In which Annie (high school teacher, mother of two young girls and a younger boy) and her aunt Deborah (children's bookseller, mother of two young women in their 20s) discuss children's books and come up with annotated lists.

Friday, July 9, 2010

Working moms

Dear Annie,

It's true, Pippi Longstocking, like Ramona Quimby and Henry Huggins, are best when one understands the world of school and peers that they inhabit.  But as long as we're on the subject of Pippi, I'd like to point out
that a few years ago Lauren Child (known to this generation as the creator of Charlie and Lola) did new illustrations for a fabulous (hardcover only) new edition of
Pippi Longstocking
. This is a case of an illustrator totally in sync with the author, even though they're decades apart.

Owl Babies
The other day, we received a question about books for 3 year-olds about working moms.  The problem, of course, with working mom books is that one is writing about someone who's not there in a picture book.  The book that I think captures that emptiness and waiting very well is Owl Babies by Martin Waddell.  Three owl babies wake up one night in their home in a tree to discover that their mother is gone.

    The baby owls thought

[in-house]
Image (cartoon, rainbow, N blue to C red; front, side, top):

(all owls think a lot) –

    “I think she’s gone hunting,” said Sarah.

    “To get us our food!” said Percy.

    “I want my mommy!” said Bill.

They keep worrying and waiting (while Bill repeats his refrain) through some lovely illustrations.  Then:


    their Owl Mother asked.

    “You knew I’d come back.”

    The baby owls thought

    (all owls think a lot) –

    “I knew it,” said Sarah.

    “And I knew it!” said Percy.

    “I love my mommy!” said Bill.

Okay, so one can say it's a bit saccharine.  But the pictures are very engaging and the message is clear: mom always comes home.

This mom is about to leave home to go join many family members for two weddings in the next week.  I'll see you soon, Annie.


Aunt Debbie

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